Book: About Edom and Idumea in the Persian Period
Chapter: 13. The Aramaic Divination Texts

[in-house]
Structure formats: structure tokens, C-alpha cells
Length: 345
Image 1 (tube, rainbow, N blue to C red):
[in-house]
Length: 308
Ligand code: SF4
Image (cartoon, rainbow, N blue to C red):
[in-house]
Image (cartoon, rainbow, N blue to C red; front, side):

The final essay in this section is authored by Esther Eshel, Michael Langlois and Mark Geller. They address “The Aramaic Divination Texts”. The southern foothills of Maresha have yielded more than 1,200 Semitic and (mainly) Greek inscriptions dating to the Hellenistic period. Among them, 360 are from subterranean complex 169. Most of these ostraca and inscriptions bear names or tags. However, a group of 134 Aramaic ostraca, paleographically dated to the third or second century BCE, stands out as a different literary genre, sharing a similar textual structure. Only a few of these ostraca are complete or almost complete, while most are fragmentary. In this essay, the authors suggest that these ostraca were divinatory in nature and were used to inquire about such issues as health, marriage, and property. This interpretation is reinforced by the presence of other archaeological finds that are cultic in nature and might be related to divination.